When I run a webinar, I do not desire to send out the same e-mail to everyone on my list. I wish to send them the proper e-mail for their level of engagement – . . Here’s the automation I utilize to promote an evergreen webinar: First it verifies that they have not already purchased the item I pitch in the webinar.

Then it sends out a series of e-mails to get them thinking about the webinar, and to encourage them to register. If they sign up, they immediately struck the “Goal” toward completion of the webinar, and the automation ends. If they don’t sign up, they get added to an automation promoting a rebroadcast of the webinar. .

This allows me to tailor my messaging, in other automations, based upon the contact’s engagement with the webinar. Here’s the WebinarJam integration panel: I can add tags based upon whether the contact signed up, attended, missed out on, or based upon the length of time they remained in the webinar. These tags can then activate automations within ActiveCampaign.

It costs me cash, and it makes it more likely that my emails go to spam or Gmail’s promos tab. People who don’t open my e-mails make it harder for other e-mails to get to the people who truly want them! The “Pro” plan of ActiveCampaign has lead scoring built in.

Here’s an automation I got from ActiveCampaign’s library of automations, which I use to tell which contacts aren’t engaging with my e-mails. When a contact subscribes, this automation adds a “0 days” tag. As time passes, it adds new tags for 7 days, thirty days, 60 days, etc Each time they open an email, a different automation eliminates them from this automation, gets rid of all of those tags, and begins this automation over once again.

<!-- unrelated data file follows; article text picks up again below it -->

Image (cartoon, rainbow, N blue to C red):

This automation can be frustrating in the beginning, and this is one of those cases where I want ActiveCampaign had a more out-of-the-box solution. But, because you can do anything with ActiveCampaign, often you need to construct things from scratch. ActiveCampaign has an option to delete non-active subscribers, which I do not suggest.

Some customers do not have actually tracking turned on, so their opens aren’t tape-recorded. Others still wish to be subscribed but have actually been busy. Here’s my reactivation series: I send out one e-mail asking if they still desire to be subscribed, and briefly describing why I keep my email list tidy. In one week, I send them another email (if they already clicked the confirmation link in the previous e-mail, they’ve currently been removed from the automation utilizing a separate automation) – .

The automation then unsubscribes them. My e-mails likewise have a link to a form where they can enter their e-mail address to let me understand that they do not have tracking allowed. This form adds a tag that I use to filter those contacts out. . I used to include this tag when they clicked a link, however when people do not have tracking on, it makes those links not work so reliably! I only send out an easy “do you still desire my emails?” confirmation.